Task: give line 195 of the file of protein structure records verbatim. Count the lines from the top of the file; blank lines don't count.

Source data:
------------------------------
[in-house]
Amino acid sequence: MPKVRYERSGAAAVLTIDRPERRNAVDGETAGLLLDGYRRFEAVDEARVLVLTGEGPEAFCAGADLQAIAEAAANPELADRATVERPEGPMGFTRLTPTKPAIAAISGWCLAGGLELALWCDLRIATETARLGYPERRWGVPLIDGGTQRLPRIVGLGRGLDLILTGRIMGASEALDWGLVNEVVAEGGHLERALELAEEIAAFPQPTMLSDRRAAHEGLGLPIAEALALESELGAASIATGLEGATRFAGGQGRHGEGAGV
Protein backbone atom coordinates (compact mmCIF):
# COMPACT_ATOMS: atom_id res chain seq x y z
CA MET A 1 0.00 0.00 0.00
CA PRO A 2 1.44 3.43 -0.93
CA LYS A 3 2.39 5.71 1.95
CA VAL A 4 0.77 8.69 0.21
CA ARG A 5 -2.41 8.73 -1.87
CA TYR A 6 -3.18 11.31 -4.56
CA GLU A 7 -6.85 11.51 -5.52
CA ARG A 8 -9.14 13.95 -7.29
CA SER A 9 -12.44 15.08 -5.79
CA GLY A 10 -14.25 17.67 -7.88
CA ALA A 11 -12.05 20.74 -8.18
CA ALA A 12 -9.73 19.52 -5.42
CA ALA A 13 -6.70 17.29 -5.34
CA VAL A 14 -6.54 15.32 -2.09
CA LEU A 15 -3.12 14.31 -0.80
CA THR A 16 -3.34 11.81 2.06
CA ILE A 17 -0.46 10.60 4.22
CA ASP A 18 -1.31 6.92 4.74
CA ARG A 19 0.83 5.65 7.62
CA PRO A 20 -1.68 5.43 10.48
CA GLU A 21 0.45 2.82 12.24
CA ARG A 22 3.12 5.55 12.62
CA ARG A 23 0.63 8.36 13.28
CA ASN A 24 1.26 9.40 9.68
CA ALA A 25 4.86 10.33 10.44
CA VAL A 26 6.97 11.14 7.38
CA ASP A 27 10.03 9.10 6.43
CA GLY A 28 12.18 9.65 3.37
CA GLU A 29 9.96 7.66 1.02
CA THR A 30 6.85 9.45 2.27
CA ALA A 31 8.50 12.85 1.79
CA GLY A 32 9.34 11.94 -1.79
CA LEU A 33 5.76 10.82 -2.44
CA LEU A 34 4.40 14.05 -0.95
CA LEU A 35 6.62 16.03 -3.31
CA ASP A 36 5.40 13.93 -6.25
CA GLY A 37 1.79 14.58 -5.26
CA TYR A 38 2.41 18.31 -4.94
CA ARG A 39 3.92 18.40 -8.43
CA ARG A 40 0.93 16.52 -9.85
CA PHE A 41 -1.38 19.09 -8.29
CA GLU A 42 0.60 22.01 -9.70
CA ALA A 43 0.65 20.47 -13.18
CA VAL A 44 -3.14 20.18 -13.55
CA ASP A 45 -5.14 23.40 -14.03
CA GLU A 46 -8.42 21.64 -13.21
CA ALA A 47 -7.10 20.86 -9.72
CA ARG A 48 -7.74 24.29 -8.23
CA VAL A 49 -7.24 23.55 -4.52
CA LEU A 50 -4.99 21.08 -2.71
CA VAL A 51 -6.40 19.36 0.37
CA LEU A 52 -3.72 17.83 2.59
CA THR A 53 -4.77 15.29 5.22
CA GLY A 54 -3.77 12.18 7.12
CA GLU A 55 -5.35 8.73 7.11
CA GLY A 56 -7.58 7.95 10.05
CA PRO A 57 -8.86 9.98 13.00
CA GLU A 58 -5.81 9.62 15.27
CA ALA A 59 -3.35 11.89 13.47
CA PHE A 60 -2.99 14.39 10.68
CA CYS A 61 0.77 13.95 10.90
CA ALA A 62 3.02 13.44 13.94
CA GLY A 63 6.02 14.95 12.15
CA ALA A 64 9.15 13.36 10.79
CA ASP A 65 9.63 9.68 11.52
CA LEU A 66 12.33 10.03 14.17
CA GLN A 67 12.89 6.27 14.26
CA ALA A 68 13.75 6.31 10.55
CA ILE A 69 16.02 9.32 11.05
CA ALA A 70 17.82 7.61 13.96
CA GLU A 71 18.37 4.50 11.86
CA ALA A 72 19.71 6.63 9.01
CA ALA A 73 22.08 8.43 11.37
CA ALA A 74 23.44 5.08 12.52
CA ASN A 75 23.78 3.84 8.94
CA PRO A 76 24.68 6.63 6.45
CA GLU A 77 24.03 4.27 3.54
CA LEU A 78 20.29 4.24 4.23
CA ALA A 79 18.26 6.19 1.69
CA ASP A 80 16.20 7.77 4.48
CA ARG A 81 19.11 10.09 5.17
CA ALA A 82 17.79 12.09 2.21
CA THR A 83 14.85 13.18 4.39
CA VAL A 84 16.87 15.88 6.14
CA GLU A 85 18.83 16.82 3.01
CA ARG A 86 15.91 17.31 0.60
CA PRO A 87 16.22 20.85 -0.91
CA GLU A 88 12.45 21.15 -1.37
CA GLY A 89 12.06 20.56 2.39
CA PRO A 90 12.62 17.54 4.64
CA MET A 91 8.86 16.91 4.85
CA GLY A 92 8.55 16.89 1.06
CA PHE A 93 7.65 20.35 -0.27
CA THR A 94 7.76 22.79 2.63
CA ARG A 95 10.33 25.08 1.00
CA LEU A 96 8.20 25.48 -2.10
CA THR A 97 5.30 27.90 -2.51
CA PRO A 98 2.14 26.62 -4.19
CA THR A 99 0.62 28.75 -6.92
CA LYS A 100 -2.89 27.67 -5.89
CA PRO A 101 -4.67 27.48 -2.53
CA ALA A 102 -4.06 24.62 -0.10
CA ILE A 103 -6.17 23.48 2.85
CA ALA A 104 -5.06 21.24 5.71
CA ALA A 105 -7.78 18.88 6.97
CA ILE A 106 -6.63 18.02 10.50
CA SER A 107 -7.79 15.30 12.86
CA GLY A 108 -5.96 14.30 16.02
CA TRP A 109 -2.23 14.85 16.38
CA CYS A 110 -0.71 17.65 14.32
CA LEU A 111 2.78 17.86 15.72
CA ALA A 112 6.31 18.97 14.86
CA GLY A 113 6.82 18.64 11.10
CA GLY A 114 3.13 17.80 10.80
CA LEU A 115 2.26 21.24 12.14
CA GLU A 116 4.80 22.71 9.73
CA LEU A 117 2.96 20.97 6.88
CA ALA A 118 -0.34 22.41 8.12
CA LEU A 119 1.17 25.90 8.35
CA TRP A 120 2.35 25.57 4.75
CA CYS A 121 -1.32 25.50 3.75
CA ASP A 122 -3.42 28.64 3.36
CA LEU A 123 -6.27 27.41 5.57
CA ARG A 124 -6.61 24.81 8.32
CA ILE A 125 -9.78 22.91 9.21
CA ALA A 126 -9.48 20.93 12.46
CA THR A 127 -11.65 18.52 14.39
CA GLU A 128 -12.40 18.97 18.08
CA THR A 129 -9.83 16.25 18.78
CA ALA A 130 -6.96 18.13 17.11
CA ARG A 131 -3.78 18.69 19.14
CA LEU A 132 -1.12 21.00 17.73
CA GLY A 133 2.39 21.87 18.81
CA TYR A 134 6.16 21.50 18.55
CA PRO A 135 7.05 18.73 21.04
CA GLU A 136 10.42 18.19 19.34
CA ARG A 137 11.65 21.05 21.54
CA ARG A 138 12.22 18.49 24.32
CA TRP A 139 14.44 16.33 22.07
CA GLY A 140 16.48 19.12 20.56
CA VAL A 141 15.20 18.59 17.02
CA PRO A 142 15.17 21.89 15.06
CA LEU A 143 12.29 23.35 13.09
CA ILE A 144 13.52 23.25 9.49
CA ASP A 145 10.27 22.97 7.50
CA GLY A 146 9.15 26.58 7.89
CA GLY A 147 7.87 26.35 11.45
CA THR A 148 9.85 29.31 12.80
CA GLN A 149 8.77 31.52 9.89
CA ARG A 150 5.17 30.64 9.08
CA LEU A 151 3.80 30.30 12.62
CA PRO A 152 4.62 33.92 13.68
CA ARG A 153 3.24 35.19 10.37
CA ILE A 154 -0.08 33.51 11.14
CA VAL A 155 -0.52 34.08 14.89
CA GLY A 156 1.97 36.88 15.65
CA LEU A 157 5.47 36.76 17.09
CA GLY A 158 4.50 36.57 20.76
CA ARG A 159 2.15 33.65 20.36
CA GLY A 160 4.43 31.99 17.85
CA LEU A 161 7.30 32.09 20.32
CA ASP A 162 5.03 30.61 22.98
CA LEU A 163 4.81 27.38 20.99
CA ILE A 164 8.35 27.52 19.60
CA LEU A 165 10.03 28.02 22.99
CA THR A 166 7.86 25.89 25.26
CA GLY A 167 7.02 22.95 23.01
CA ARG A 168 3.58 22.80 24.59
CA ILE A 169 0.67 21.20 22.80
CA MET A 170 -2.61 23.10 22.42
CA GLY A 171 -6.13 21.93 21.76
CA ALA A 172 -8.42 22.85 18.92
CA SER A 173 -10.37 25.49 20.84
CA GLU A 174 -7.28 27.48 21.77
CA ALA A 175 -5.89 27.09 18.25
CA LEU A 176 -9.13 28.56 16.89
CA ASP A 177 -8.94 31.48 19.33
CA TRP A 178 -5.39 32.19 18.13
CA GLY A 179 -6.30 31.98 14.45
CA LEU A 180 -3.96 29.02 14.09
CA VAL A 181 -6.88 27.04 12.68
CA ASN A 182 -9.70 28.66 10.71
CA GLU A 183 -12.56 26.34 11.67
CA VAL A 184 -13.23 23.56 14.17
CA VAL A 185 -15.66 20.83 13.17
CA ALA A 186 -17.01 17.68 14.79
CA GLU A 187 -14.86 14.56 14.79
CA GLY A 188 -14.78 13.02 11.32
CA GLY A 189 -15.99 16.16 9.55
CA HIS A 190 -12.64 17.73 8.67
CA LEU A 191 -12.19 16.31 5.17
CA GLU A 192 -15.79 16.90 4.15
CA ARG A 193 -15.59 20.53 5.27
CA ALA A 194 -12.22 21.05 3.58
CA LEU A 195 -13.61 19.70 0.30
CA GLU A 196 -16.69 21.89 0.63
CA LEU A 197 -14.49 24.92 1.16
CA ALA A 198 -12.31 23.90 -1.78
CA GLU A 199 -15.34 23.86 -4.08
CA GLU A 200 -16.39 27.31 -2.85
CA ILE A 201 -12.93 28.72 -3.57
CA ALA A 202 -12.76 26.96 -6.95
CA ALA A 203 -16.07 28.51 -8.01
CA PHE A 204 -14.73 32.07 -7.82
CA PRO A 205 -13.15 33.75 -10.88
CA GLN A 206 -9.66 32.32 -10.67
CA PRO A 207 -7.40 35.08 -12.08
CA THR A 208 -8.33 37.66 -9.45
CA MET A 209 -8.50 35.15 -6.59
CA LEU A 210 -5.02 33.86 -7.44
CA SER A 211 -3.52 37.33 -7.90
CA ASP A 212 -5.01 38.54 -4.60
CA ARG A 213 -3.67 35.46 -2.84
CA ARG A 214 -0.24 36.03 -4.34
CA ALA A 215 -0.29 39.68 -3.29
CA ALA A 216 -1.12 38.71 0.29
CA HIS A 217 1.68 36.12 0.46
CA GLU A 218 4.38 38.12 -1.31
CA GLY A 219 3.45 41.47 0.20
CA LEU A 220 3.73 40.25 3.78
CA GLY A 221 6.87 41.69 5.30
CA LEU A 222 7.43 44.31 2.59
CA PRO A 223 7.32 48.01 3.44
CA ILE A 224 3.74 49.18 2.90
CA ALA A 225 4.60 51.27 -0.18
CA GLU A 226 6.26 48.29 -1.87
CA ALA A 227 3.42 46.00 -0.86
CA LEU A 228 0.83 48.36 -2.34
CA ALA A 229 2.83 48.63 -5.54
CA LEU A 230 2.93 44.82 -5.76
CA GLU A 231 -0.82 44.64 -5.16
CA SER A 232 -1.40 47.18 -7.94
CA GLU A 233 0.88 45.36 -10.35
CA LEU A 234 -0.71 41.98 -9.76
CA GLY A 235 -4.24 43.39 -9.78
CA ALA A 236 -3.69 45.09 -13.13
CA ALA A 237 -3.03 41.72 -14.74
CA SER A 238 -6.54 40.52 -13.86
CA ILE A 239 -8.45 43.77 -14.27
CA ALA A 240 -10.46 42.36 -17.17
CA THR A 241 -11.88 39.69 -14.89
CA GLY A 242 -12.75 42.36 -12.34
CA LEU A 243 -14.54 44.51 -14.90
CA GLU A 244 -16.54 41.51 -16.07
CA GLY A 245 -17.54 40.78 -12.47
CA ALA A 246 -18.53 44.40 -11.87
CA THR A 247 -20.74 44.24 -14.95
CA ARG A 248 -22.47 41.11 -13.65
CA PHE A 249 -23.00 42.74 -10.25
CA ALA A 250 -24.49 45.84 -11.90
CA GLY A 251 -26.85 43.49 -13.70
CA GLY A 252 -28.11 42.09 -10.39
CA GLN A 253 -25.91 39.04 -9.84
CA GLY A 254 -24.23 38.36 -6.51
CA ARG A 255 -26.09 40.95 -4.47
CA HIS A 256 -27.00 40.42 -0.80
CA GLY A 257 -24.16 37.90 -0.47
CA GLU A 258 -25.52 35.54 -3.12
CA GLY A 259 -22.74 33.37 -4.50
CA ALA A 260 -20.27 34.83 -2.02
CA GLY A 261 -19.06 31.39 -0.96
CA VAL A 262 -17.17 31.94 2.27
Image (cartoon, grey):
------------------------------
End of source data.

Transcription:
CA LEU A 191 -12.19 16.31 5.17